For example, a patient who declines to take a low-risk and highly beneficial intervention may warrant assessing all four decisional abilities with equal weight, whereas a patient who accepts it may only require adequate demonstration of understanding and choice. Performance will span a spectrum, from clearly capable to clearly not capable. In between are cases of marginal capacity. Settling these may require repeated assessment and careful probing into the questions that yielded marginal performance.
The influence of the risks and benefits of a decision on judgments of capacity has been verified experimentally:
●In one study, expert raters reviewed one of two videos of a patient engaged in a standardized capacity interview for enrollment in either a high-risk neurosurgical research study (n = 47) or a lower-risk medication study (n = 52) . Experts were more likely to judge that the patient lacked capacity to consent for the high-risk study compared with the lower-risk study (60 versus 30 percent).
●Similar findings were reported in a study of patients with Alzheimer disease (AD; n =182) who were presented with three distinct decisions: appointing a proxy to consent for research, enrollment in a low-risk medication study, and enrollment in a high-risk neurosurgical study . Independent expert reviewers were much more likely to judge the patients capable of appointing a proxy (62 percent) than of giving their own consent for the medication study (41 percent) or the neurosurgical study (16 percent).
WHAT TO DO WHEN A PATIENT LACKS CAPACITY — The degree and urgency with which to act on findings of impaired capacity depend on multiple factors, including the expected duration of impairment, the severity of the impairment, and the seriousness of the decision.
Unless the urgency of a patient's medical condition requires that a substituted decision be made immediately, efforts should be made to identify and correct any reversible causes of the impairment . This is particularly relevant in hospitalized patients with impaired capacity due to delirium. Treatment of the underlying causes of delirium may restore decision-making capacity.
Patients with mild to moderate cognitive impairment that is not expected to fluctuate may benefit from more intensive efforts at education to improve understanding of the relevant facts, followed by reassessment of decision-making abilities. A randomized trial found that a memory and organizational aid given to patients with mild-stage Alzheimer disease (AD) dementia (n = 80) improved performance on understanding, which in turn increased the likelihood of being judged capable of providing informed consent to enroll in a clinical trial . This enhancement was also effective in a randomized trial with middle-aged and older adults with schizophrenia .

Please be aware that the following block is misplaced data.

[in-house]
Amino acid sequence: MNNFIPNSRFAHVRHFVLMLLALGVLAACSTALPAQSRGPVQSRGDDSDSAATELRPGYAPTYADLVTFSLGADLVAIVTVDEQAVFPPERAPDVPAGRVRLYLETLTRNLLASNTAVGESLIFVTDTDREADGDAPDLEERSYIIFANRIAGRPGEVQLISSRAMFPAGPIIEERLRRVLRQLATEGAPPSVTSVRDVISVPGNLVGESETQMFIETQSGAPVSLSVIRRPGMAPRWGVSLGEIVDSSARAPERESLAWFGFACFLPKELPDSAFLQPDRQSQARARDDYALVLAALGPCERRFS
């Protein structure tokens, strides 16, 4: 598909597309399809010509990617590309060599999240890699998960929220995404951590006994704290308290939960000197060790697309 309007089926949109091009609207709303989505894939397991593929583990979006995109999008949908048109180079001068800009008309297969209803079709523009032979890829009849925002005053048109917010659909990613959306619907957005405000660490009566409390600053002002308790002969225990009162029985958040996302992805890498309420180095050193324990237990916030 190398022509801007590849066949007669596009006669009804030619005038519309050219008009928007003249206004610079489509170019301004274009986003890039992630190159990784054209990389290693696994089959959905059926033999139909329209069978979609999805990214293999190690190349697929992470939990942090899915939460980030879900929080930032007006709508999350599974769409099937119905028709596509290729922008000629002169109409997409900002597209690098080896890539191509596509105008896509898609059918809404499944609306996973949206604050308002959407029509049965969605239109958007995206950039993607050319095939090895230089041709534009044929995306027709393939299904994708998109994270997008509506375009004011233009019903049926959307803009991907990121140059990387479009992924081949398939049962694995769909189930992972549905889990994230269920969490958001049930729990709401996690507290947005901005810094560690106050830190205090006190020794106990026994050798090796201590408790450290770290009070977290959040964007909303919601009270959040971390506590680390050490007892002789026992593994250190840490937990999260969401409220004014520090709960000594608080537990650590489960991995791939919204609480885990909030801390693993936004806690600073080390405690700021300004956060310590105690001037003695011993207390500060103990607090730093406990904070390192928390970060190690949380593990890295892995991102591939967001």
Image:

For patients whose impairments are severe enough that they are judged to lack the capacity to make a decision, there is a clear ethical obligation to seek out a substitute decision maker. Substitute or surrogate decision makers should ideally have been chosen by the patient in advance. In the absence of a designated surrogate, laws may vary in terms of which people can serve in this proxy role and their hierarchy; in general, the order is the spouse, adult children, parents, siblings, and other relatives. (See "Legal aspects in palliative and end-of-life care in the United States", section on 'Surrogate decision makers'.)
When making a substituted decision, the proxy should take into consideration the patient's preferences or, lacking knowledge of these, decide based on what is in the patient's best interests . Studies suggest that proxies may prefer to blend these two standards .
Formal guardianship is rarely necessary. A guardian is assigned by a judge in a court of law based upon a legal determination that the patient is decisionally incompetent. In most cases, guardianship proceedings are initiated when a clinician is faced with a major treatment dilemma in a patient who is incapable of making decisions and has no health care surrogate or next of kin. Guardianship is also occasionally necessary if there are multiple first-degree relatives who cannot agree on an approach to medical care despite mediation by the health care team, or if the next of kin is clearly acting in self-interest rather than the best interest of the patient.